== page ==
and the greatest of these, at least deal-wise is the new Killers release which Amazon is offering (today only) as a $3.99 mp3 download.

hurry, hurry.

Saturday, November 22, 2008

the week in review

I spent a lot of time (a lot of time) on the review of the 25th anniversary re-issue of R.E.M.'s Murmur.
a lot of time.
but I got it done (finally), and it'll run in the Voice (print edition) either next week (the official release date is Tuesday) or the week after.

I've now seen LeBron James play live and in-person (as they say).
I'm keeping the ticket stub.

it's been a long while since I've been to an NBA game and not that I had high expectations for the Izod Center (formerly Continental Airlines Arena, formerly Brendan Byrne) but I was still disappointed by the ads posted at every available sightline, the music (loud) played during game action (as in, constantly), the cheesy dancers and assorted Nets-sponsored time-out entertainment.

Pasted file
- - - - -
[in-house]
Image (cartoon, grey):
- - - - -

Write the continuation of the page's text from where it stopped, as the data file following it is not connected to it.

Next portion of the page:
except, the T-shirt drop.
I didn't come close to grabbing a shirt (we sat about as far as possible from the court), though they appeared have at least one launcher that could've reached, but it was the first time I'd ever seen free T-shirts dropped from the overhanging catwalk (with individual parachutes).
yes, I am often easily amused.

televised college basketball I missed: UNC 77, Kentucky 58
televised college basketball I did not miss: UNC 84, UC-Santa Barbara 67
(I caught a good portion of some other games, too)